Monday, January 31, 2011

Marriage is a way to participate in the Kingdom of God

My dear Friends in Christ

Grace and Peace to you in God, our Father, and the Lord Jesus Christ who humbled himself to come among us to set us free from sin in the power of the the Holy Spirit. On June 22 of 2002, I was ordained a priest but my assignment didn’t begin until July 9. That probably doesn’t seem like a huge amount of time and, to be honest, there’s a part of me who would love to have three weeks to myself nowadays but I was incredibly excited just to get started. I can remember being filled with nervous energy during those weeks before I got started. I did a lot of things around my parent’s house that week and packed and repacked all my stuff in an effort to get rid of all the stuff that I didn’t want or need. When I arrived, my pastor told me that I would be having a wedding very shortly after I got there, I believe it was the following Friday. I remember meeting with the couple and asking them why they chose the readings they did and receiving the message that they weren’t really sure why they chose them. They just kind of liked them. One of the readings they chose was the gospel for today, what we call the Beatitudes. I have to admit that I was really hoping that they would have a great reason for choosing this reading, like they were involved in Habitat for humanity or that they were going on the Peace Corps after their wedding. But, nope, they just liked the reading.

This reading is one of those readings that I feel like we hear quite often but we don’t always live by it. It’s definitely another reading that most fundamentalists don’t take literally. These Beatitudes, these series of statements about what life is like in heaven, challenge each of us here. Each of these eight statements turns what the world holds as important completely on its head. Being poor in spirit, being meek, mourning, hungering and thirsting for righteousness, being merciful, being clean of heart, being peacemakers, being persecuted…all of these things aren’t on most people’s bucket lists. Let’s face it. They challenge us. We may be tempted to say that Jesus is speaking spiritually, especially for the more challenging ones. Jesus doesn’t really expect us to be peacemakers in our community or expect us to be persecuted for the sake of righteousness. He expects us to do this in our prayer. But, I would contend that Jesus is really meaning that, as the church, we should be thankful when we are poor of heart, when we are meek, when we are peacemakers, when people are persecuting us, etc. One of the things that I love most about the church is that, despite all the anger and hatred that is flung at us, most people continue to do the good work of God and don’t get wrapped up in an angry exchange. I think of Mother Teresa wiping the wounds of the leper in the political turmoil of India and Pope John Paul II visiting the man who shot him in order to offer forgiveness. It’s exactly what Paul was talking about in the second reading today when he said, “God chose the lowly and despised of the world, those who count for nothing, to reduce to nothing those who are something, so that no human being might boast before God.” The world may think that we are worthless, spineless, gutless and weak but God sees in us one who has done great things for him.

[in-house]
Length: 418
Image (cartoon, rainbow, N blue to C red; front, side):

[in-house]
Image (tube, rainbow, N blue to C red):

On the Saturday after I got to my first assignment, I looked out at that married couple and told them that I think this is a good message for a wedding. Marriage, likewise, turns the values of this world on its head and demands a kind of humble service. The world tells you to be most concerned about what makes you happy, what is good for you. Marriage challenges you to look out for the good of others; spouse and children, before you look out for your own comfort. It challenges you to be poor in spirit, humble, meek, and persecuted. Yet, if you live your marriage covenant well, you will find that it is truly a blessing and a reward unto itself. Truly the reign of God is yours.

No comments: